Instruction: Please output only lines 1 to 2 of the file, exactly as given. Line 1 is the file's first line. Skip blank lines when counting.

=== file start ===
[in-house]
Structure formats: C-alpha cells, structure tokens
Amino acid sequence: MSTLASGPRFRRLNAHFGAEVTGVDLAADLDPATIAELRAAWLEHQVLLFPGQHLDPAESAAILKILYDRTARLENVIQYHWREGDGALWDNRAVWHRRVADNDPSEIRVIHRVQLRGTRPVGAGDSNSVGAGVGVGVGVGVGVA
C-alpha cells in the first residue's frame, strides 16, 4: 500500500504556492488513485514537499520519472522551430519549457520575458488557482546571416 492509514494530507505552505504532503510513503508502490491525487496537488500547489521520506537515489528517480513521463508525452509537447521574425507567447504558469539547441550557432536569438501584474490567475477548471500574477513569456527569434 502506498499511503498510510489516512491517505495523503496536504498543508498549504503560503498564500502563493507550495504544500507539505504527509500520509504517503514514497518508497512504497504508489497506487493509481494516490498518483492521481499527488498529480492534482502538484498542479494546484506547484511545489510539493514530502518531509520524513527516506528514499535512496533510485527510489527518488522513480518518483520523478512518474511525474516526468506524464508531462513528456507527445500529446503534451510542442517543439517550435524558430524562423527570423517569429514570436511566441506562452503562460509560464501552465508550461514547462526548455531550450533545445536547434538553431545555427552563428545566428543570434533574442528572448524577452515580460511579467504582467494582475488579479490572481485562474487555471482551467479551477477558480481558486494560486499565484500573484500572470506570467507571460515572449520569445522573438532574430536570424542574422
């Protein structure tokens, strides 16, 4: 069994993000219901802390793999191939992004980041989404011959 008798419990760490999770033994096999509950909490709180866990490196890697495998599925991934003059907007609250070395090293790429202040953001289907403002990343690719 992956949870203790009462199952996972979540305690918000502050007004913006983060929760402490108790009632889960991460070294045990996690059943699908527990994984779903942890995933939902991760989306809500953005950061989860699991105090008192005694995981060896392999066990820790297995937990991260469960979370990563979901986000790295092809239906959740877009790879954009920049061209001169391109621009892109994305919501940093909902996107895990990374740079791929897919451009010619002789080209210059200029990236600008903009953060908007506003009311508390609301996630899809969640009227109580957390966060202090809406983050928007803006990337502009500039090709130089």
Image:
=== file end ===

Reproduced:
[in-house]
Structure formats: C-alpha cells, structure tokens